Also, from the time past till the recent time, less chances of education was given to the girl child in the Igbo society. This is because the father often considers the academic investment of a girl-child as an economic waste, as they will end up in another man’s house. This has affected the general mentality of the girl-child that they often grow with it, seeing themselves as inferior and insignificant in society.

Because of the foregoing, there is a higher number of male-children in schools and other vocational studies of skill acquisition or businesses. A large number of their female counterpart end up illiterates in their husband’s house, with little or no productive skill, low business acumen, irrationality in reasoning, thus; making them modern slaves to their husbands who will without considerations of their feelings maltreat them since they are wholly dependent on them for survival.

In addition, the Igbo culture does not include the girl-child in the inheritance of any family wealth which may include: land and landed properties, businesses, money or other valuables. This is because the girl-child is regarded as an expectant wife of an unknown family, and so, does not have an identity in the family she is born into.

Another reason a girl-child has limited access to family inheritance is because the father often considers a girl-child to be irrational in reasoning with low acumen and sense of management, which unknown to them could have been ameliorated through proper education in school.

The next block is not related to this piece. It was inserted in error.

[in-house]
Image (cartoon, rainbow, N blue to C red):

At this juncture, it is pertinent to state that the above caused the insistence of Dame Patience Foka Jonathan that the 35% Affirmative Action be implemented during the reign of her husband as a means of creating sense of belonging and responsibility amongst the female folk.

Looking around at our present environs and beyond, we will notice that the percentage of women participation in the decision making of our country Nigeria is low. The opportunities given to women on politics is very low, this is because men see it as improper for women to make decision for them. They see it as an abomination for women to rule over them and that is why the women have not been given the opportunity to rule Nigeria.

A woman is a precious gift given to humanity. She is a multifunctional being, capable of carrying out perfectly any responsibility given to her as some women who have so far been tested on sensitive positions can attest. Therefore, this writer is of the opinion that they should not be looked down on. Time has changed as a woman can also be an engineer, a mechanic, a truck driver, a pilot, a ship captain and so on. Above all, a woman can be the bread winner of the family and still maintain her other responsibilities as a woman.

In conclusion, the foregoing calls for a sober reflection in line with the millennium global agreement of gender equality in the African (Igbo) society to adjust in cultural beliefs as culture is dynamic. Giving equal rights and privileges to both male and female children, as both are born just the same way and are all gifts from God should be the beginning of wisdom.

Fellow female folks are however implored to always work hard, dream big and achieve it as we have equal opportunities in life not minding the discrimination around as a girl-child.

The National Assembly should also come up with stringent laws protecting the girl-child from molestation or abuse or discrimination in whatever form including the labour market. In the same way, parents or guardians should sincerely make their female children marketable through proper education since “whatever a man can do, a woman can do even better”.